I will include resources as I gather them, and as I pick up skills attempt to gamify interactions with this blog. Of course, I would love to get my classmates involved and would love any suggestions as to how I could do that.
Please also share links to your blogs and media here which informs the gamification community.
I personally came to gamification because it was part of my course requirements for my university Digital Media studies at university. In this sense, I am only really beginning my involvement in gamification but in others, it has always been there because
Doudlass Rushkoff ofers and interesting perspective on Gaification through a critical lense.
According to Rushkoff humanity always seems a step behind technology in realising democratising potentials.
The internet is a classic example. The big promise with the internet was that it was going to totally disrupt. Even when the MacBook in 1984 Apple proposed 1984 is not going to be like 1984. However, compared to the high ideals, and talk about how the internet and personal computing was going to create an emancipatory, evolved society connected through a Gaia mind the reality has turned out quite differently and democratic potentials have not evolved as quickly as capitalisms ability to maintain its extractive dominance in the name of delivering shareholder profits.
We seemed to have sleep-walked into an era of surveillance capitalism. While many are now waking up there was a long period where the tech gurus of Silicon Valley were treated as to benevolent Gods that were selflessly democratising the planet. What Cambridge Analytica and seemingly endless scandals since have revealed is that when tech companies run on an operating system of weaponised extractive capitalism.
With, Gamification comes new abilities to extend this extraction as big data comes to understand even more about us. As we train ourselves we will also find ourselves training the big data algorithms that later become the robots to replace human labour.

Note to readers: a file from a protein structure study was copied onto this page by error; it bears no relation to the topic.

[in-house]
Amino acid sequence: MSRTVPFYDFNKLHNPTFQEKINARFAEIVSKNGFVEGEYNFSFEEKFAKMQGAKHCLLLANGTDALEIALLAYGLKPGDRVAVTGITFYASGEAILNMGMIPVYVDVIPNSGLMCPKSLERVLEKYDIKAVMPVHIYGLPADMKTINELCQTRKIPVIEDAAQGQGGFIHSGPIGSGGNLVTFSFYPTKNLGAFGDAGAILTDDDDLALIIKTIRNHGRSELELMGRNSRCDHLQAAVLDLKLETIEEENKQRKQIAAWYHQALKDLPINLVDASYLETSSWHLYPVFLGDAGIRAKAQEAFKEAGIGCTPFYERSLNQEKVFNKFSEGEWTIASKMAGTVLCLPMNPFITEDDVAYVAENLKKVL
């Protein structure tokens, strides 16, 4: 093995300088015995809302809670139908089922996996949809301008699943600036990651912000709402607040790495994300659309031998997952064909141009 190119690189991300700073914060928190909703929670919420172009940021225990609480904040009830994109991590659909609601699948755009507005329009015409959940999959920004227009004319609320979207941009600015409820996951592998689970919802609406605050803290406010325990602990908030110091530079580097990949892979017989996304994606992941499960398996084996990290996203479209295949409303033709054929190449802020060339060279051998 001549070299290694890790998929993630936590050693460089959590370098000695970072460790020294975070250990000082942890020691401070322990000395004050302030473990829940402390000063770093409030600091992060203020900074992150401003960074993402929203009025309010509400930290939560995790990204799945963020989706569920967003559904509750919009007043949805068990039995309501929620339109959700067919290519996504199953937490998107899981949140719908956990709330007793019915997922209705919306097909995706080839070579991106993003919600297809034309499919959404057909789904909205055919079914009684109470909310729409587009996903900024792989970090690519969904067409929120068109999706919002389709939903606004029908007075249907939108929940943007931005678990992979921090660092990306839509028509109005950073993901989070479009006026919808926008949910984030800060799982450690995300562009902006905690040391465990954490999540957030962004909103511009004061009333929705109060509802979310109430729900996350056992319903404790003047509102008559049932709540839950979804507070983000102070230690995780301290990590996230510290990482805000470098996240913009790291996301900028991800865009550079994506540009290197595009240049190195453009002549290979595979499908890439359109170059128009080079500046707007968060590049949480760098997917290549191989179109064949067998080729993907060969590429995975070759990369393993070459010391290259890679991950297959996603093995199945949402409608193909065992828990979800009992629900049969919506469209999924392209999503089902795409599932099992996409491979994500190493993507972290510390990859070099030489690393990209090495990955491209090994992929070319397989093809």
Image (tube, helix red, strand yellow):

We only need to look back to the beginning of Public Relations to see the ethical dilemmas which arise when technology is sold as inherently democratising. PR was ‘a practice built on propaganda, manipulation and outright lies’ (Luttrell and Ward 2018 p.9). Edward Bernays is often regarded as the father of Public Relations and through ‘the engineering of consent’ (because people are too silly to decide for themselves) he was responsible for campaigns like the one where women were convinced to smoke. This was hardly an emancipatory outcome and in the ensuing time growth-obsessed colonial style capitalism has gone a long way to exnihilating the planet on the sniff and promise of techno-utopian solution to all problems sold at the nearest mall.
For Douglas Rushkoff (2019, p. 105) ‘ The myth on which the techno-enthusiasts hang their hopes is that new innovations will continue to create new markets and more growth’. The obvious problem to this techno solutionism is that we live in a finite world and as the limits are reached, surveillance capitalism makes deeper inroads into private lives. Google’ accidentally not mentioning the hidden microphones in its home devices and tracking our mouse movements are recent examples. But as Gamification inevitably, and very quickly becomes linked to the internet and things and operates on the Surveillance capitalism operating system then what happens with that information from my gamified physiotherapy session?
Professional communicators are in the game of advocating. If you are not internally motivated and it doesn’t sit right for you to advocate for a product you won’t do a good job in your efforts to inform, engage, stimulate action, and persuade others, and will find yourself faced with a moral and ethical dilemma. Don’t Panic.
The great thing about building a reflective ethical practice is that it can build over time making doing away with outdated modes of PR lies and deception. Try to bring ethical communication into your gamification.
Rushkoff, Douglas. Team Human (p. 66). W. W. Norton & Company. Kindle Edition.